World Gold Council

10 January, 2019

2018 ups and downs

Gold’s price seesawed in 2018 as investor interest ebbed and flowed despite steady growth in most sectors of demand.

Gold faced significant headwinds for most of the year. The dollar strengthened, the Fed continued to hike steadily while other central banks kept policy accommodative, and the US economy was lifted by the Trump administration’s tax cuts. These factors fuelled positive investor sentiment which, in turn, pushed US stock prices higher, at least until the start of October.

But as geopolitical and macroeconomic risks continued to increase, emerging market stocks pulled back. Eventually, developed market stocks followed, in a selloff led by US tech companies. This resulted in short-covering in gold with its price ending the year near US$1,280/oz (-1% y-o-y).

We expect:

  • Increased market uncertainty and the expansion of protectionist economic policies will make gold increasingly attractive as a hedge
  • While gold may face headwinds from higher interest rates and US dollar strength, these effects are expected to be limited as the Fed has signalled a more neutral stance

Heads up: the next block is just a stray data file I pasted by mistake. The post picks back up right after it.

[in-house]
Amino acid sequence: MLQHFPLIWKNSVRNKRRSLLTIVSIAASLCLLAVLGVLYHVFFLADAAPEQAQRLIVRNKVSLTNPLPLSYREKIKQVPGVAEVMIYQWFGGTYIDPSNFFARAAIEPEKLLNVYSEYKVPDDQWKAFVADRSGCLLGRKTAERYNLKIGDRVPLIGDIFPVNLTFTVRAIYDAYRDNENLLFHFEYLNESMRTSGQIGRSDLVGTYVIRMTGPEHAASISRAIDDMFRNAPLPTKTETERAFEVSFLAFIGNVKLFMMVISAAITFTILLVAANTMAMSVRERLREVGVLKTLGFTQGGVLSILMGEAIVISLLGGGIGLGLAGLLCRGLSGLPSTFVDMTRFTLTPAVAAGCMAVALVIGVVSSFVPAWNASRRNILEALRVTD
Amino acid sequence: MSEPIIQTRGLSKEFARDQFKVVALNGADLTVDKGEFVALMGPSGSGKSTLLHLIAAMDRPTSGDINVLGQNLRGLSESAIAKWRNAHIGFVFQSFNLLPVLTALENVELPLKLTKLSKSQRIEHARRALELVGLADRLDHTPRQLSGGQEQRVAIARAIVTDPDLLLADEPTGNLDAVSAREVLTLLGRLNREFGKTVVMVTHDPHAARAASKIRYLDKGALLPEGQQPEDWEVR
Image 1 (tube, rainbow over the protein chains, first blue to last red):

• Structural economic reforms in key gold markets will continue to support demand for gold in jewellery, technology and as means of savings.

1.    Financial market instability

Globally, there were net positive flows into gold-backed ETFs in 2018. While North American funds suffered significant outflows in Q2 and Q3, this trend started to shift in Q4 as risks intensified (Chart 2).

We believe that in 2019 global investors will continue to favour gold as an effective diversifier and hedge against systemic risk. And we see higher levels of risk and uncertainty on multiple global metrics:

  • Expensive valuations and higher market volatility
  • Political and economic instability in Europe
  • Potential higher inflation from protectionist policies
  • Increased likelihood of a global recession.